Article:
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RISMEDIA, September 17, 2010—In the tricky business that is forecasting the whims of Mother Nature, it is rare that experts agree as they make fall color predictions. This year, biologists and naturalists in Western North Carolina and the Asheville area are singing the same tune: Seasonal weather patterns and early climate indicators may trigger the most colorful leaf season in years.

Fall Color Wars: Scientifically Substantiated Bias
Extreme elevation variations and biologically diverse microclimates combine to give the Southern Appalachian Mountains one of the longest and most colorful leaf seasons in the country. Regional experts weigh in on who has the best fall color:

“New England’s color comes primarily from birch, beech and maple—a beautiful, bright autumn display with big blotches of color. But, the South has more than 100 species of deciduous trees. The combination of topography and color diversity here can make our fall colors spectacular. Out West you see more evergreens and yellow, but you don’t get a lot of that vibrant red that makes up the eastern fall patchwork. I’ve lived in the Northeast and the West, and I think North Carolina has some of the best fall color in the country,” said Dr. Howie Neufeld, professor of plant physiology at Appalachian State University.

“The mountains of Western N.C. have the most forest diversity of anywhere in the country, which gives us a uniquely broad range of fall color and a longer season. From the yellows of cucumber magnolias around Balsam Mountain to the burgundy of black gums along the Davidson River, there is a rainbow of colors to be seen here. And, because of the different altitudes, microclimates and mild weather, visitors can always find good color and lots of activities throughout the region,” said Parker Andes, director of horticulture at Biltmore in Asheville.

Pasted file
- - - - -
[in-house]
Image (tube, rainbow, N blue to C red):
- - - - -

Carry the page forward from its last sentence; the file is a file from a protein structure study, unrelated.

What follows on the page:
Timing Your Fall Vacation
“We’re already starting to see signs of color at the highest elevations here at the end of September. Our American ash trees are beginning to tinge with purple and the bright red berries on the mountain ashe are putting on a good show. Leaf peepers should look for high elevation habitats to color-up first, such as heath balds on mountain ridges,” said Jesse Pope, chief naturalist at Grandfather Mountain.

“I’m very optimistic about the intensity of color we could see this year. However, the duration and timing of fall greatly depends on these last couple of weeks in September. Rapid changes in temperature could start the color action early, and we want to avoid wind events that would stress and prematurely down the leaves,” continued Pope.

Weekly Fall Color Reports
To help visitors locate where the autumn color is peaking from week-to-week, the Asheville Convention & Visitors Bureau is working with park officials, attractions and biologists around the region to compile weekly fall color reports for the mountains of Western North Carolina at FallintheMountains.com. Asheville’s fall color experts will also be tweeting up-to-the-minute color updates, travel tips and deals at @FallColorHunter on Twitter.

For more information, visit www.fallinthemountains.com.

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